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  • New animations offer fresh take on classic operatic moments  

New animations offer fresh take on classic operatic moments  

Playful interpretations of extracts from Die Zauberflöte, Madama Butterfly, Rise and Fall of the City of Mahagonny and La traviata.

By Lottie Butler (Former Assistant Content Producer (News and Social Media))

9 March 2015 at 4.26pm | Comment on this article

A new series of Opera Shorts is underway, continuing The Royal Opera’s collaboration with Kingston University.

Students from the undergraduate Illustration and Animation course were invited backstage at the Royal Opera House to immerse themselves in opera and find out more about the art form, before creating an animation inspired by one of the productions on stage. The resulting shorts offer a fresh and often playful perspective on opera and the stories it can tell.

Riena Shibahara, Annaliei Sayers and Matthew Brooks created Screen Grab, set to Queen of the Night’s ‘Der Hölle Rache’ in Die Zauberflöte.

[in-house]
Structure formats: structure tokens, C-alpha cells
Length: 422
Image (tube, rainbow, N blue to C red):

Screen Grab uses the idea of social media and online presence as a platform for a personality shift and an outlet for rage’ they explain. ‘The animation reveals the Queen of the Night’s real feelings, which have been disguised under her mask, similar to how online interaction can be very different from face-to-face communication.’

Seohye Lee, May Johananoff and Lucas Santi Pereira Winck’s Surface is also set to the Queen of the Night’s fiery aria:

Surface examines identity using traditional drawn animation’, they explain. ‘How do we feel when we look in the mirror? Do we see ourselves or are we a production of how others see us? This film ponders these questions in a revealing snapshot of life.’

Last year, we published six Opera Shorts, all inspired by moments from La traviata and La bohème. This year, the students have selected moments from a wide range of work, including Mozart’s Die Zauberflöte, Puccini’s Madama Butterfly, and Bertolt Brecht and Kurt Weill’s Rise and Fall of the City of Mahagonny.

Eight animations in total will be released on the ROH YouTube Channel over the next few weeks. View our Opera Short playlist to see all of the published animations so far, and those from last year.

Let us know what you think of the films. We’d also be interested in which moments from opera you think would work well as animations.

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